Selection Process for Dallas’ Municipal Judges: Fair and Transparent

The courts in the City of Dallas do not function well. People who receive tickets regularly ignore them, the technology in the courts is antiquated or non-existent, police officers serving as witnesses regularly do not show up, and cases are repeatedly reset, resulting in dismissal. This has created a system that rewards people who ignore city tickets, whether they’re for code violations or traffic citations. That’s unfair to people who pay their tickets as well as to residents who have to live in neighborhoods where absentee landlords let homes deteriorate into drug houses with impunity, where violators stack junk vehicles on their lawns with no repercussions, and where our roads are less safe because speeders rejoice at our lax system. This must change.

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Council Approves Important City Court Improvements

While serving as chair of the City Council’s Judiciary Committee, one of my goals has been to get the council more educated about and involved in the city’s court system.  For too long, the city had neglected the municipal courts, resulting in back-logged cases, a low collection rate on fines, out-of-date or non-existent court technology, poor customer service, and an inefficient use of tax dollars and city resources.

So for the last three years, we have improved how we select our municipal judges as well as embarked on a much-needed efficiency study of our courts.  Both efforts have resulted in substantial improvements in our court system, and provide a blueprint for continued changes.

I remember when Councilmember Jerry Allen and I toured our municipal courts three years ago along with judges, bailiffs, court administrators, police, and prosecutors.  One thing that stood out was the inefficient system for processing police citations.

Boxes of handwritten tickets were delivered to the court daily.  The tickets were sorted by one group of people, scanned in by another, then another group manually entered the information into the computer system.  The process was not only unnecessarily labor-intensive, but rife with opportunity for mistakes.  If a date were mistyped or a name entered incorrectly at any point in the process, the ticket could be tossed.  That meant people violating the rules of the road would go unpunished, as well as revenue being lost to the city.  The process could take as long as ten days to enter a citation into the computer system.  So if you wanted to pay your citation, you couldn’t for at least ten days.

So yesterday, the Council approved a contract for a new “e-citation” process which will help eliminate this tedious and outdated manual paper ticket process currently used by our police and courts.

Phase 1 of the new system will cost $620,000 over five years but will result in saving and revenue enhancements of $1,370,000.  This project is part of the ongoing implementation of our efficiency study, and in January and February, we will bring to additional changes before the council for approval. 

Over the last year and a half, we’ve made significant progress:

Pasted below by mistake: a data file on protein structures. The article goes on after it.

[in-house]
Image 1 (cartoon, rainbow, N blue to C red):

• Collection of fines is up $3 million
  • Average revenue per case is up from $69 to $83
  • Docket capacity is up 70%
  • The time it takes to get a court date has been reduced from 9 months to 3 months

I’m proud of these significant improvements to our court system and pleased to have had the opportinity to work with my council colleagues and city staff who were equally committed to making these much-needed changes.

Council Committee Assignments

While I was hesitant to post a note about this, I have received many emails and messages today about being the only councilmember that the mayor didn’t appoint as chair or vice chair of a standing council committee.  I am writing to say this:

Nobody cares.

Here’s what I mean:  Despite the emails and messages I’ve gotten (which I appreciate), the fact is, 99% of my district couldn’t care less who the council committee chairs are.  They care about how the city’s going to handle this budget crisis, what we’re doing to lower crime, how we’ll fix code and repair our streets.  They worry about cuts to our libraries and parks and senior services.  The very last thing they are concerned about is council committee assignments, and their priorities are my priorities. To that end, I’m going to keep focusing on the issues that matter.

I’m proud to have been reappointed chair of the Ad Hoc Judiciary Committee.  Since being appointed last year, our committee has examined our court system from top to bottom for the first time in more than twenty years.  Rather than serving as a rubber stamp to judicial appointments (as the committee had in the past), we took this as an opportunity to closely examine the systemic problems that plague our courts, with each committee member touring our courts and visiting with the various departments that make up our court system.  The committee has met regularly with judges, court administrators, police officers, and prosecutors to better understand why our courts are losing money.  We’ve worked diligently to learn about our judiciary, its faults and inefficiencies, and our efforts have paid off:  Over the last ten months, we’ve initiated and completed a thorough efficiency study that will save our city millions of taxpayer dollars and fix a broken system. Those are the types of results that Dallas residents care about, and that’s what I’m going to stay focused on.